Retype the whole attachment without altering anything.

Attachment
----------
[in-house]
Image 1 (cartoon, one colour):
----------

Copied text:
[in-house]
Image 1 (cartoon, one colour):